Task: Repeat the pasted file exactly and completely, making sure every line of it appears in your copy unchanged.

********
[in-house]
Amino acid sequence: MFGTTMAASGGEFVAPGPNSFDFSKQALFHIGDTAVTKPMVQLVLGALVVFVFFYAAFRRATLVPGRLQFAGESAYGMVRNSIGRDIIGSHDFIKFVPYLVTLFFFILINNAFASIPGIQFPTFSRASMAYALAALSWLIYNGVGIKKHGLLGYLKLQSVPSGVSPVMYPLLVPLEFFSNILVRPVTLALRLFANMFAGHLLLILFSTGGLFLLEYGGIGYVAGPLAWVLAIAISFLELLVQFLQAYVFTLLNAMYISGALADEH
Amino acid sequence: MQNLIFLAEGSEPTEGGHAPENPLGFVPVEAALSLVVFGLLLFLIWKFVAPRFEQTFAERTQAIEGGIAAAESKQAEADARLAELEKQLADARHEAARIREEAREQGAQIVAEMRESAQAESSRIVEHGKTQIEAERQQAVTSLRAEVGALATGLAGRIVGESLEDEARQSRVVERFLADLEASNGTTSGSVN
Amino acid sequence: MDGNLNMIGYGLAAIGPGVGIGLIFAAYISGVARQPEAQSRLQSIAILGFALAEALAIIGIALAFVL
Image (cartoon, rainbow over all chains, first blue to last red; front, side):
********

[in-house]
Amino acid sequence: MFGTTMAASGGEFVAPGPNSFDFSKQALFHIGDTAVTKPMVQLVLGALVVFVFFYAAFRRATLVPGRLQFAGESAYGMVRNSIGRDIIGSHDFIKFVPYLVTLFFFILINNAFASIPGIQFPTFSRASMAYALAALSWLIYNGVGIKKHGLLGYLKLQSVPSGVSPVMYPLLVPLEFFSNILVRPVTLALRLFANMFAGHLLLILFSTGGLFLLEYGGIGYVAGPLAWVLAIAISFLELLVQFLQAYVFTLLNAMYISGALADEH
Amino acid sequence: MQNLIFLAEGSEPTEGGHAPENPLGFVPVEAALSLVVFGLLLFLIWKFVAPRFEQTFAERTQAIEGGIAAAESKQAEADARLAELEKQLADARHEAARIREEAREQGAQIVAEMRESAQAESSRIVEHGKTQIEAERQQAVTSLRAEVGALATGLAGRIVGESLEDEARQSRVVERFLADLEASNGTTSGSVN
Amino acid sequence: MDGNLNMIGYGLAAIGPGVGIGLIFAAYISGVARQPEAQSRLQSIAILGFALAEALAIIGIALAFVL
Image (cartoon, rainbow over all chains, first blue to last red; front, side):